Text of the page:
Matthew Walpole discovers a treasure of biblical proportions in the vaults of the Cathedral at Toledo.
In the vaults of the treasury at the Cathedral of Toledo resides the most lushly illuminated bible ever to have been made. Known as the Bible of Saint Louis, it is about to be given a new and much more public life through a fantastic reproduction created by the Spanish publisher M. Moleiro Editor.
It has been well-looked after by the cathedral for the past seven centuries but over the past decades art historians' and theologians' usage of the volume have begun to threaten the conservation of the book. To answer this problem without further restricting access to the bible, the cathedral decided to put together a facsimile edition. To this end, a team from the cathedral and M. Moleiro Editor have been working together for some years, ending recently in the much-anticipated release of the facsimile.
King Louis IX of France commissioned the original between his coronation in 1226 and his marriage in 1234, according to pictorial evidence from within the bible. The first record of the bible is that of the king of Castile, Alfonso X's reference to "three illuminated volumes given to [them] by King Louis of France". His will also explains that the bible was a gift to King Alfonso from the French, so its presence in Spain is evidence of the kind of regal largesse that marked relations between Catholic countries.
The three volumes that constitute the Bible of Saint Louis are exceptional in every way. Most striking is the sheer quantity of illustration; through the 1,250 pages there are over 5,000 illustrations of biblical scenes. The sheer scale of the project was almost unheard of. The art historical value lies not merely in quantity, but among some surprising oddities that crop up in the book. For instance, most books on vellum use both side of the hide for illustrating and writing, but with books as heavily painted as the Bible of Saint Louis the vellum can only be used on one side. What is revolutionary about it is that rather than using the smoother flesh side of the vellum for illumination as was normal, they used the rougher hair side because it is able to carry more pigment.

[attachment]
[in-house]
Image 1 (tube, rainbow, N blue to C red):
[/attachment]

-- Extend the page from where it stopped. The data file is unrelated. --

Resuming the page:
It is not just the paintings that depart radically from what we might expect. The very name, bible, rather misleads because only about half of the text are canonical, the other half being biblical commentaries from a variety of authors. Unusually the commentaries are treated with the same opulent reverence that the bible stories themselves receive, which suggests how important they were thought to be. It is this peculiar balance of textual tradition and innovation that has made this a central text for the historical theologian. It gives a snapshot of what was happening across the Catholic world as well as the contemporary thought within Paris where the book was made.
That master bookmakers put the bible together is evidenced by the quality of the illustration. Which particular master bookmakers they may be, has not, as yet, been ascertained. It is an unusually well directed project, with a single authorial figure responsible for keeping the coherence of the book as work progressed on it. Who that was remains a mystery, but he did, in the most, achieve an extraordinary consistency of material within the three volumes. With this wealth of historical, theological and artistic material in the Saint Louis Bible, it inevitably commands a great deal of attention. Regular usage, of course, affects the book's condition and so the library is between a rock and hard place. As Francisco Álvarez Martínez, the Cardinal Archbishop, says: "We need to be sufficiently open to permit access to anyone interested in research on the Bible of Saint Louis, but we are equally aware of our duty to conserve what has been locked after so many centuries with such zeal." It is a bind that many libraries have faced and high quality facsimiles seem more and more often to be the corrective to the problem. The M. Moleiro Editor edition of the Saint Louis Bible should solve the problem of access for the cathedral. The original Bible of Saint Louis will now remain resplendent in the vaults of the Cathedral of Toledo, while the facsimile means that it can be consulted across the globe.
It exists in an edition of 987 numbered and authenticated editions on handmade paper with the same feel, thickness and smell as the original. It exists, of course, in the original three-volume format each measuring roughly 30cm by 40cm.
This is a treasure that doubtless all the major public libraries will lay their hands on but that only a handful of collectors will be able to acquire.